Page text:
Different people have different ideas about what “closing the loop” means. For some, it’s about reaching fitness goals with a smartwatch or finishing a craft project like crocheting. But in sustainability, it’s a big deal. It’s like reaching the highest standard, creating a system that keeps going without end. But it’s not easy to achieve unless you have all the right inputs.

Many believe that “closed-loop recycling” is essential for creating a truly circular economy. As companies in manufacturing, shipping, and retail gear up their supply chains for the next big challenge, it’s valuable to understand the distinctions between systems, who’s making progress with closed-loop practices, and how your business can make it happen.

What is Closed-loop Recycling?

Closed-loop recycling is when used items get recycled and used again to make the same product. In this system, the design of products is essential for the entire process to work well. It focuses on collecting items from consumers easily, making it simple to create new products, and making sure it’s economically smart.

A few examples of closed-loop recycling are glass for bottles and jars, aluminum for cans, and a small amount of plastics. Glass and aluminum can be recycled many times without losing quality, which makes them super valuable for the loop. Interestingly, 75% of all the aluminum ever made is still being used today. Sadly, only 2% of plastic worldwide is used again to make similar products.

Open-Loop vs Closed-Loop Recycling

Closed-loop recycling is different from the more common open-loop recycling. In open-loop recycling, the end of a product’s life can go in different directions: it can be recycled into new but less good products, or it might end up as waste.

Talking about open-loop systems might sound a bit complex, but let us simplify it for you. In an open-loop system, things get reused, but not as effectively as in a closed-loop system. It’s a bit like recycling, but the new stuff made is not as good as the original.

Stuff like cardboard and paper can be recycled quite a few times before they start to lose quality. But things like many plastics and sometimes food waste don’t work as well in open-loop systems. For instance, PET plastic can turn into things like fleece and carpets, while cardboard can come back as cereal boxes or paper towels.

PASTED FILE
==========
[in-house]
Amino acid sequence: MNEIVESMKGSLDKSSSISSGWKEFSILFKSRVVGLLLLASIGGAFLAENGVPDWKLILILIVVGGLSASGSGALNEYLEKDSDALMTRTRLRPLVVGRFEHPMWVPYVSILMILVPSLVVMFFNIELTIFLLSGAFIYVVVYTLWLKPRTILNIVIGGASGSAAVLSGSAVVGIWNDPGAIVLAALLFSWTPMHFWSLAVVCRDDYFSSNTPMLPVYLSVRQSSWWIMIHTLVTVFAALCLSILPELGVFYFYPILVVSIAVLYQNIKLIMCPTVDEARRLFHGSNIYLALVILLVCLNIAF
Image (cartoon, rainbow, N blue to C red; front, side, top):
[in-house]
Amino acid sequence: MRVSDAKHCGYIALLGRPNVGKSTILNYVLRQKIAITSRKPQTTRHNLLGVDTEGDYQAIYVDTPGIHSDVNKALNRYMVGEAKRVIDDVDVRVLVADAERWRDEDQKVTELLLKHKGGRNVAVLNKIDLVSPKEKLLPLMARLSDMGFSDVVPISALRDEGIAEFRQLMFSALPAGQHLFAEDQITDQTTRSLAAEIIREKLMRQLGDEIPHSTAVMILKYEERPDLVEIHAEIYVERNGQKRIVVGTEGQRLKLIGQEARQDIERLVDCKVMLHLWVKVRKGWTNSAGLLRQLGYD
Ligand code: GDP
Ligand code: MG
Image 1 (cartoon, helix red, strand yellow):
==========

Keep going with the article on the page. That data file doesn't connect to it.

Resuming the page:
Some companies are doing cool things with this idea. Chipotle, for example, is using avocado pits to dye sustainable clothes, and Trex is making deck planks from plastic bags from places like Albertsons.

What Type of Waste is Involved in Closed-loop Recycling?

Closed-loop recycling is great for materials that can be recycled without losing their quality. These include:

  • Aluminum (like cans)
  • Glass
  • Certain types of plastic

Closed Loop Recycling Process

The steps in the recycling process vary depending on the type of waste, but here’s a general overview:

  1. Collection: Waste is gathered from homes, businesses, and recycling banks.
  2. Cleaning: The waste undergoes cleaning to remove contaminants.
  3. Processing: Waste is cut or crushed into manageable pieces.
  4. Transformation: The resources from the waste are used to create new products.

Let’s look at the recycling process for aluminium drink cans as an example:

  1. Collection: Aluminium cans are collected from various sources like homes, recycling centers, and businesses.
  2. Sorting: Recyclable items are taken to a local materials recovery facility where they’re sorted. Magnets help separate metals, and aluminium is compacted into bales.
  3. Reprocessing: Aluminium bales are sent to a reprocessing plant. There, the aluminium undergoes shredding, de-coating, melting, and casting into ingots.
  4. Refinement: The ingots are transported to a rolling mill where they’re flattened into aluminium sheets.
  5. Manufacturing: Aluminium sheets are used to create new drinks cans and other aluminium products.

It’s worth noting that aluminum has been recycled for about a century, with 75% of all aluminum ever used still in circulation today. Closed-loop recycling ensures that aluminum products like soda cans have had multiple lives, contributing to sustainability efforts.

The Impact of Close-loop Recycling on Economic Conditions

The demand for products and how well closed-loop recycling works depend on the value of reused resources.

Closed-loop recycling is common in certain industries, like computers and batteries. These industries use materials that are expensive or complicated, making it hard to break them down into basic resources.

When we use closed-loop recycling, it can help reduce the amount of stuff we throw away, making landfills last longer. For example, if we recycle one ton of plastic in a closed-loop system, it saves about 7.5 cubic yards of landfill space. The grocery industry shows that people use at least 690,000 tons of plastic in a year. If everyone used ideal closed-loop recycling, it could save around 5.1 million cubic yards of landfill space every year.

Closing Thoughts

Closed-loop recycling isn’t just about environmental benefits; it’s about creating a sustainable future. By understanding its principles and embracing its practices, businesses can contribute to a circular economy. It’s a step towards minimizing waste, conserving resources, and building a greener planet for generations to come.